Division on Visual Impairments


A quarterly newsletter from the Council for Exceptional Children's Division on Visual Impairments containing practitioner tips for Teachers of Students with Visual Impairments, Certified Orientation and Mobility Specialists, and other professionals.

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Page 47 of 89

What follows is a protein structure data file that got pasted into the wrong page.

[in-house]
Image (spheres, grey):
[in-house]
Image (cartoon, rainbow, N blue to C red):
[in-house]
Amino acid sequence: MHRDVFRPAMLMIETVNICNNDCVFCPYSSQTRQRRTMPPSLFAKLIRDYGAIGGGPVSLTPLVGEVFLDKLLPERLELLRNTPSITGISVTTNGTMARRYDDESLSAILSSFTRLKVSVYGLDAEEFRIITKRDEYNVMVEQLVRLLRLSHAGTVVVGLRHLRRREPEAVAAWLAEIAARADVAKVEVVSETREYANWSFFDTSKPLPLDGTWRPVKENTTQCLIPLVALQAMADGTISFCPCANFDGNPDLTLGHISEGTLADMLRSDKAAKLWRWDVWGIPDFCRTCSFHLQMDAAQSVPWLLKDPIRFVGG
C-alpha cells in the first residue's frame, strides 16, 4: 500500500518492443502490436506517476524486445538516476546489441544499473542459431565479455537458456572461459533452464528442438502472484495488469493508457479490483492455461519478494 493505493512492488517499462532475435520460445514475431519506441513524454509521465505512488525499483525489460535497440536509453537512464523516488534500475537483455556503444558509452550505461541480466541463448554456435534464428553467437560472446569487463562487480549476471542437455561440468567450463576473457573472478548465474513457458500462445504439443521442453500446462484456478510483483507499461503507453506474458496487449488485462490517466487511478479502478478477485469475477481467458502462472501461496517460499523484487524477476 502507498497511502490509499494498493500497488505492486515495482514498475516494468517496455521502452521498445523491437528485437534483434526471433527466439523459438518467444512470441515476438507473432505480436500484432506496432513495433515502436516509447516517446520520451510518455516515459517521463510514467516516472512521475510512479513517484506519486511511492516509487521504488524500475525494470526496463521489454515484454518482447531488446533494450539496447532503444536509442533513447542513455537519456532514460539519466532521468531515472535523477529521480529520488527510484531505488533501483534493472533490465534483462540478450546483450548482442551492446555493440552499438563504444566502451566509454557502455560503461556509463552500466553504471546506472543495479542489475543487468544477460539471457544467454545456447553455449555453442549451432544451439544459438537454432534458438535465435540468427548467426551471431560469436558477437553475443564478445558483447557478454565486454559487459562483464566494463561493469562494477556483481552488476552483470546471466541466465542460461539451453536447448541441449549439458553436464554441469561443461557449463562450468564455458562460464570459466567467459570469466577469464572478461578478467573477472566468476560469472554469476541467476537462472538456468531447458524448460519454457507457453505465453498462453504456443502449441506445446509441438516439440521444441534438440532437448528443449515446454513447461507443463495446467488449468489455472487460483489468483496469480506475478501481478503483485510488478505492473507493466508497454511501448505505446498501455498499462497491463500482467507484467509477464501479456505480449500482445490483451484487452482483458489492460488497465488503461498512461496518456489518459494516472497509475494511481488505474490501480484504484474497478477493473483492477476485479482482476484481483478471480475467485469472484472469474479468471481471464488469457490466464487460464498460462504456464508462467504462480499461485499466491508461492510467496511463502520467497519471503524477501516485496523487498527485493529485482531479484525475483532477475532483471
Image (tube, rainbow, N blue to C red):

VIDBE-Q Volume 66, Issue 2 48 Christopher Brum, San Diego State University, cbrum@sdsu.edu Susan Bruce, Boston College, susan.bruce@bc.edu Sarah Ivy, University of Utah, sarah.ivy@utah.edu Target audience: TVI's, Special Education Teachers, Related Service Personnel Tactile tangible symbols (TTS) are based on what Rowland and Schweigert (1989, 2000) called "tangible symbols". These representations include three dimensional objects, partial objects or textures that can be mounted on a background or used alone. When TTS share a close resemblance to the referent, cognitive demand on the user is reduced (Bruce et al., 2011). TTS can be used in a variety of ways, including to represent abstract or concrete ideas, and can be combined with other representations, such as print or braille labels, to ensure consistency with the name associated with the TTS. This qualitative research study looked to explore the development and use of Tactile Tangible Symbol Systems (TTSS), focusing on the instructional Strategies for Teaching Tactile Tangible Symbol Systems: Case Study on a Learner with Deafblindness

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